Inspired by a commission for youth orchestra I decided to create a character sketch that would be both fun and challenging for the kids. Different string and percussion techniques and colors represent the complicated and diabolical personality of this rabbit person.

In honor of my Muscogee Creek friends, I have incorporated a popular tribal church hymn as the melodic and musical base.

— Jerod Impichchaachaaha' Tate

​​UMRO would like to thank Jerod for his generosity in offering this work as well as his time speaking to our students pro bono. 

 

The Ferry Crossing

The composer writes:

Ferries are a mode of transport I have never encountered until I moved to Vermont in 2003. I left California after college, and while trekking to Burlington I found a vessel that would transport me magically over the endless Lake Champlain.

And so I lived and worked in Vermont for four years, discovering snow and seasons and the wonderful people that make it a lovable and stalwart state, and I took many ferry rides during my stay there.

And then I left.

I left four years later across the ferry that traverses between Burlington and Port Kent. It was the last ferry ride I took in Vermont.

This piece is my arrival and departure from the Green Mountain State, with the horns guiding you along the way. Even though my stay there was short-lived, I miss Vermont. I miss it terribly. There may be a time in the future when I return, but until then, I can visit, riding the ferry to my destination.

— Jennifer Jolley

 

Elegía Andina

The composer writes:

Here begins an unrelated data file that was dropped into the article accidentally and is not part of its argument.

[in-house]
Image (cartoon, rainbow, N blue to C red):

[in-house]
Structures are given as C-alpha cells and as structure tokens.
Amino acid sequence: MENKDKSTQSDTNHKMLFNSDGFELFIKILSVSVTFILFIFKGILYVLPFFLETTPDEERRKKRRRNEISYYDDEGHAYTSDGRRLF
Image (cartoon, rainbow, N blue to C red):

Elegía Andina for Orchestra (2000) is dedicated to my older brother, Marcos Gabriel Frank. As children of a multicultural marriage (our father being Lithuanian-Jewish and our mother being Chinese-Peruvian-Spanish), our early days were filled with Oriental stir-fry cuisine, Andean nursery songs and frequent visits from our New York-bred Jewish cousins. As a young piano student, my repertoire included not only my own compositions that carried overtones from Peruvian folk music but also rags of Scott Joplin and minuets by the sons of Bach. It is probably inevitable then that as a composer and pianist today, I continue to thrive on multiculturalism. Elegía Andina (Andean Elegy) is one of my first written-down compositions to explore what it means to be of several ethnic persuasions, of several minds. It uses stylistic elements of Peruvian arca/ira zampoña panpipes (double-row panpipes, each row with its own tuning) to paint an elegiac picture of my questions. The flute part was particularly conceived with this in mind but was also inspired by the technical and musical mastery of Floyd Hebert, principal flutist of the Albany Symphony Orchestra. In addition, as already mentioned, I can think of none better to dedicate this work to than to "Babo," my big brother—for whom Perú still waits.

— Gabriela Lena Frank

 

Montgomery Variations (1964) - to Martin Luther King, Jr.